Todd Reesing beat out Kerry Meier in the spring of 2007, and not too long after that, Meier became one of the most prolific wide receivers in Kansas University football history.
Might that happen with Montell Cozart in the event either Jake Heaps or T.J. Millweard beats out Cozart for the starting quarterback job? Probably not.
“Montell was recruited to play quarterback,” Kansas coach Charlie Weis said when asked the question. “I think he is good enough to play there. There is good competition at that position. No one is getting handed that job.”
Cozart, the fourth quarterback to start a game at KU under Weis (following Dayne Crist, Michael Cummings and Heaps), is the only one to win a Big 12 game, 31-19, versus West Virginia. Cozart moved great, side-stepping rushes and ever-so-smoothly striding for first downs. Everything about him looked good, except for the football sailing way over the heads of intended targets.
Cozart’s passing stats during his true freshman season: 23-for-63, no touchdown passes, two interceptions, 3.6 yards per pass attempt, a 36.5 completion percentage.
He overthrew receivers at an alarming rate. What caused that?
“I think that it was probably nerves,” Weis said. “This is the first time he is playing real college football against the big boys at times of the game that count. You are starting against Kansas State; this isn’t like you are just playing anyone. You are playing the arch-rival. He grew up in this area, you have a pretty good idea of who you are going against.
“I think that a lot of that comes with being a freshman. I’m not making excuses for anyone. (Those are) the facts. I mean, anytime you are a freshman, you are in there, and some of those passes are sailing, you probably are a tad bit nervous.”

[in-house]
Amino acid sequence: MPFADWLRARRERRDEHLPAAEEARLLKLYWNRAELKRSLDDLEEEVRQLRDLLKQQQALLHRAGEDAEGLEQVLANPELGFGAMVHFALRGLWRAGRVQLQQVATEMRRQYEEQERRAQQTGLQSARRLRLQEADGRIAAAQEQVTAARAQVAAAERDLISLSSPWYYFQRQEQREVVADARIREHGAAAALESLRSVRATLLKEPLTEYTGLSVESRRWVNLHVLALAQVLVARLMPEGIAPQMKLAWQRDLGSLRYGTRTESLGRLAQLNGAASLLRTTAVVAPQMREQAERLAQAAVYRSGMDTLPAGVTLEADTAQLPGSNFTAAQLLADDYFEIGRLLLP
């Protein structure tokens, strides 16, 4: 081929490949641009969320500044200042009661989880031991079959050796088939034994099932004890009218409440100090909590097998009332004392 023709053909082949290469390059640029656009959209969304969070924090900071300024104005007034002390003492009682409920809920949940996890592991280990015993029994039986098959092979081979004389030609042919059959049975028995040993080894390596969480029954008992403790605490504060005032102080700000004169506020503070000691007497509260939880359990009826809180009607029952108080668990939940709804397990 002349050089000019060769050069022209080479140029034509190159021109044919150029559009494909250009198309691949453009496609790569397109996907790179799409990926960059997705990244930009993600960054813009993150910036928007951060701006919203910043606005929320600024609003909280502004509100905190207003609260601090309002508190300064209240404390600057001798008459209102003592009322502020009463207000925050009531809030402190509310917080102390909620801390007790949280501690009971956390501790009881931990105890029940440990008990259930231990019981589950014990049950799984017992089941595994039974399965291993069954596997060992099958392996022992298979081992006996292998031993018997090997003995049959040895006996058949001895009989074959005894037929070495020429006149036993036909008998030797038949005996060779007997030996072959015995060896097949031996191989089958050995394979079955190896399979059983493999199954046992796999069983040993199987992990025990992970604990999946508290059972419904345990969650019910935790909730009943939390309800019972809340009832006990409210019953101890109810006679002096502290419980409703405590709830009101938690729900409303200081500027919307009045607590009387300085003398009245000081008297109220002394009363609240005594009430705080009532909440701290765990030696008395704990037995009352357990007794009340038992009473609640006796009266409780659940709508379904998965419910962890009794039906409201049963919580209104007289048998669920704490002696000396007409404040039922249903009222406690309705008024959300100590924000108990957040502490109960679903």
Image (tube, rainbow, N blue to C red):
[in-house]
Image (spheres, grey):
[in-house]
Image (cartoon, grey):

Cozart had a similar take on the overthrows.
“Last year that was a little bit of jitters, a little nervousness,” he said. “It seems like everything was just happening so fast for me. Now I’ve been watching film, studying the game, going out in practice, and I’ve been able to get the timing and chemistry down with the receivers. This year I look forward to it being a little different.”
Or a lot. He said he thinks a 70-percent accuracy rate is a good goal, which would mean completing twice as many passes.
Two factors ought to help right off the bat. First, new offensive coordinator John Reagan’s offense will feature quicker, shorter passes, which are easier to complete. Second, whoever wins the quarterback job in Nick Harwell will have a go-to receiver who isn’t learning on the job but already has had a season in which he caught 97 passes, nine for touchdowns, and amassed 1,425 yards.
Weis’ pro-style offense required the physical and mental challenges of seasoned pros and was too much for developing youngsters to execute. Mix in an untalented and/or inexperienced group of receivers, and the quarterbacks had two strikes on them before taking a snap.
Reagan’s offense, Cozart said, is simpler because the calls at the line of scrimmage are more streamlined — for example, he said, he doesn’t have to relay as much to receivers because they are looking at the signals as well — and it features “a lot of quick game, a lot of short routes and let the receivers do what they do in space. I’m looking forward to that.”
Heaps, the favorite to win the job, sounded just as eager early in the spring as Cozart to embrace the new approach.
“We came from a very complicated system, and guys have that confidence that it’s not going to get much harder than that, and we feel we can pick up anything,” Heaps said.
If both Heaps and Millweard beat out Cozart, he could always spend his second season as a red-shirt and have three remaining years to play.
“Everyone looks at a quarterback and says, ‘Well, if he doesn’t play there, let’s move him someplace else.’ Well, usually those guys at the other positions have been playing there for a long time and have a huge head start over those players,” Weis said. “We always look at those things, but I think Montell is a quarterback.”